Pursuant to our Master Services Agreement, we pay a quarterly base management fee to the Service
Providers equal to 0.3125% (1.25% annually) of the total capitalization of our company. For purposes of
calculating the base management fee, the total capitalization of our company is equal to the quarterly
volume-weighted average trading price of a unit on the principal stock exchange for our units (based on trading
volumes) multiplied by the number of units outstanding at the end of the quarter (assuming full conversion of
the Redemption-Exchange Units into units), plus the value of securities of the other Service Recipients that are
not held by us, plus all outstanding third party debt with recourse to a Service Recipient, less all cash held by
such entities. See ‘‘Management and Our Master Services Agreement’’ for further detail.
Other pro forma adjustments
(i) Management fees
Management fees are based on 1.25% of market value. The Unaudited Condensed Combined Carve-Out Pro Forma Statement of Operating Results reflect a charge of $20 million for the year ended December 31, 2015 with the associated tax effects of $5 million, representing an estimate of the annual management fee based on the pro forma carrying value of preferred shares, Redemption- Exchange Units and limited partnership units that would be paid by our company for services rendered in connection with the Master Services Agreement. The quarterly management fee will be based on the capitalization of our company and derived from our quarterly volume weighted trading price. A 10% decrease in our capitalization would result in a pre-tax annual decrease in management fees of approximately $3 million.
I am bringing this up because there is no disclosure by segment what the non-recourse debt amounts are and I have probably incorrectly included ALL debt by segment in calculating the NAV. This is extremely conservative as BBU itself calculates the proforma management fee to be $20 mln for 2015. At $25 per unit and 92 mln units at 1.25%, the management fee should be $29 mln. So the fact they proforma’ed it at $20 mln suggest BBU thinks there is a net cash position (i.e. very little recourse debt). Put another way, in my NAV I subtracted $1 bln in the proportionate debt BBU would economically be exposed to based on their disclosed ownership percentage. This figure should actually be a lot lower if we exclude the non-recourse debt.
Why Is This Interesting and What is your Edge?
I recognize there are probably many investment vehicles and conglomerates that trade at a discount to NAV and the fact that BBU hits my low end valuation range may not seem that interesting. However, it is important to recognize two things:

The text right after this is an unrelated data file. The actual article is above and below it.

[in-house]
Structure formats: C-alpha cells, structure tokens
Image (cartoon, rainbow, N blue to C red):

As discussed earlier in the writeup, BBU is facing a lot of the usual spinoff dynamics and the incentives are set up for BBU to rerate sooner than the previous BAM spinoffs.
BBU is highly likely to be a long-term compounder. This is supported by general historical evidence that BAM has compounded its opportunistic private equity investments (like BBU) at 23% for the past 15 years (how many funds charging 1.25%/20% with that track record and ability to operate at scale and are not closed to new investors?). More specifically, BBU’s business was built by acquiring assets when the former businesses’ equity was wiped out or cyclical industry fundamentals were challenging (Australian Apache assets, Hammerstone, Maax). As well, BBU is not subject to industry/category constraints (i.e. focused on real estate or infrastructure). I would argue BBU probably has a repeatable investment process and good capital allocation skills (already buying back units). Afterall, when talking about their 15-20% target returns, this line has got to sound familiar to most of us:
Such businesses generate minimal or even negative earnings at the outset but have the potential to generate substantial gains over the longer term. In essence, we are happier earning a bumpy 20% internal rate of return instead of a steady 15%.
In terms of edge, I don’t think I have any complicated knowledge or trading strategy around BBU. It really comes down to the spinoff dynamics where there is an abundance of non-fundamentally driven sellers (funds who can’t own trust units, funds that don’t have time to bother, index considerations, etc.). The other part comes from just the sheer willingness to put in the work to analyze all the different businesses within BBU given the lack of disclosure here. Put another way, a non BBU Brookfield executive mentioned he is not aware of a single investor meeting where the investor has read through the relevant Brookfield entity’s prospectus that they were discussing at the time.
Disclaimer: The write-up is only intended for VIC members and not for dissemination (especially to the issuer).
Not investment advice, no warranties expressed or implied, subject to material and potentially egregious errors. Basically, do your own homework.
Continued unit buyback
Negative spinoff dynamics abates